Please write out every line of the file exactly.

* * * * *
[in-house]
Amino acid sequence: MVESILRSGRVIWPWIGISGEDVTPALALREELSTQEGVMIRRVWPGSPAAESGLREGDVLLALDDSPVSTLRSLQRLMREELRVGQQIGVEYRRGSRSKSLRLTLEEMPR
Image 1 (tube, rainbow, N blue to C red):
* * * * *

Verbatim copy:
[in-house]
Amino acid sequence: MVESILRSGRVIWPWIGISGEDVTPALALREELSTQEGVMIRRVWPGSPAAESGLREGDVLLALDDSPVSTLRSLQRLMREELRVGQQIGVEYRRGSRSKSLRLTLEEMPR
Image 1 (tube, rainbow, N blue to C red):